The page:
Any landlord should also consider the protections provided to service members for evictions. First, the s protections against evictions extend not only to the service member but to the service member’s family. Secondly, a landlord cannot simply summarily evict a service member or their dependants. Instead, the landlord must first obtain a court order allowing for eviction. Then, the service member or his or her dependants can petition the court stating that their military service materially affects their ability to comply with the terms of the lease. The court also has the authority to stay the eviction of the service member for up to 90 days or to adjust the obligation under the lease to preserve the interests of the parties.
The SCRA, however, does not prohibit the eviction of the service member or their dependants. Instead, the SCRA provides additional time for the service member and landlord to reach a resolution or to allow the court to fashion an equitable remedy protecting both parties. Nonetheless, a landlord considering renting to members of the military should be aware of the additional steps necessary for an eviction. Moreover, any landlord should be aware of the penalties for violating the procedures set forth in the SCRA. A landlord who violates the SCRA by proceeding with an eviction unlawfully is subject to fines and imprisonment for not more than one year.
The SCRA also provides protections, in certain situations, from foreclosure. Given the current state of the housing market and the military’s continued involvement in multiple foreign conflicts, these provisions become more and more important each day. While the protections are more limited than those addressed above, the SCRA could still affect a mortgagor or creditor seeking to foreclose.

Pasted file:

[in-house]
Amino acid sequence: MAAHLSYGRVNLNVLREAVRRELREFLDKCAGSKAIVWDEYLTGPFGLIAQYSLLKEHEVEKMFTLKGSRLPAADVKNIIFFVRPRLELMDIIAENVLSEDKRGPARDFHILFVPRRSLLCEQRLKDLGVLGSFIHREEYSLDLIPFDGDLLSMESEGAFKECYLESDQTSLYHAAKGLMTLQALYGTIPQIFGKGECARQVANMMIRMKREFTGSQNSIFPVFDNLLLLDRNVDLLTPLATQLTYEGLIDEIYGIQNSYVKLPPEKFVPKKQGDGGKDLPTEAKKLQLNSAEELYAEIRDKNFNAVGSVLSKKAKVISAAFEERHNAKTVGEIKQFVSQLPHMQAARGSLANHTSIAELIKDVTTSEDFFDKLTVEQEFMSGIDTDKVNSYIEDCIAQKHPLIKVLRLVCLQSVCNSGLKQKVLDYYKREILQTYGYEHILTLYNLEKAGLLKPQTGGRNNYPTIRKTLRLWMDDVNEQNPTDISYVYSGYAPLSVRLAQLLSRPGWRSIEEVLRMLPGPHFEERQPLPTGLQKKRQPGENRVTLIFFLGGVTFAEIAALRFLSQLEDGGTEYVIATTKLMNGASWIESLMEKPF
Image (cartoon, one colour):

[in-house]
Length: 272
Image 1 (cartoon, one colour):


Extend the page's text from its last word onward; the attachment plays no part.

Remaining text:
First, the mortgage security must have originated before the service member’s military service began for the SCRA to apply. While this may not affect many members who have been on active duty for extended periods of time or since graduating from high school, it could affect a growing number of National Guard or Reserve members who have civilian obligations they must leave behind when called to active duty. It is not difficult to imagine a reservist who enters into a mortgage obligation while a civilian and then is called to active duty for an extended period of time. In many cases, this call to active duty may also bring with it a significant cut in pay and a decreasing ability to meet monthly obligations like a mortgage.